Facts and Pessimism #2
Monday September 24, 2007
Dear Ms. Miller and Ms. Rogers,
Thank you for your detailed and thoughtful replies. What I said was my own judgment on the issue of mental illness and brain dysfunction, after studying the matter from medical textbooks and journals during my medical training. However, I am not an expert on these matters and it is entirely possible that I am wrong. I will take a closer look at the links you gave me in the following days, but there are several points I want to clarify right away.
R.D. Laing, who has recently been mentioned on this list, would surely agree with Ms. Miller when she writes: "Where are the people with normally functioning brains?". Yes, scientific research suffers from lack of reliable control groups, as Ms. Miller points out, because "normal" people can be no point of reference. "Normal man have killed perhaps 100,000,000 of their fellow men in the last fifty years... Given these and other conditions of contemporary civilization, how can one claim that the 'normal' man is sane?" ( R.D. Laing, "The Politics of Experience", 1967).
The problem with scientific, quantitative research is that at best it makes us realize there is a CORRELATION between two things. It can show (and you say that it in fact shows) that child abuse and brain dysfunction are connected. Okay, let's suppose this is true. How do we know the MEANING of this correlation? Science cannot tell us that.
One explanation may indeed be that the brain lesions we discovered are the cause of our patient's mental problems. But it is also possible that the patient's mental problem is causing his brain to change, just as the denial of abuse can cause inflammatory bowel disease ( e.g. the story of Isabelle in "The Truth will Set You Free", part 1, ch. 1), a skin rash or heart disease.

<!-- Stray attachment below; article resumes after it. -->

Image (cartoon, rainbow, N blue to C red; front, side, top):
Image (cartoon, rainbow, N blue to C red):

Likewise, it may well be that the brain damage of victims will be found to be generally "irreversible". Is this the reason why most people are never prepared to admit their parents were wrong? Or is it the other way around? Can it be that stubborn, irresponsible denial of one's own past results in brain dysfunctions that never seem to improve? It is hard to imagine a set of experiments that can answer such questions.
Is it not best to base further research based on what we already know FOR CERTAIN? The predictable experience of the abused child, the resulting emotional blindness and suffering, the process of awakening from this blindness (as described in part II of "Banished Knowledge") - here we have a splendid description of an inner logic that every human being can test on himself and realize its truth first-hand. There is no confusion here.
As I see it, it is strange that a human being should use unbelievably complicated and expensive technical technologies just so he can prove to himself the truth he could find in his own heart. Everything that we need to know about our patients can be found in their personal histories. In my view, EEGs and MRIs will add very little to this knowledge.
Suppose we have a patient who was severely abused in childhood and we find a brain lesion in his MRI. What are we to do with this information? Will we operate on this lesion? Radiate it? Perform a lobotomy? Change it with psychiatric drugs? Of course not. It is already clear that these methods only cause damage. Will we be more prepared to believe the patient's claims that he cannot change? Maybe so. But what if the lesions happen to have nothing to do with our patient's running away from responsibility?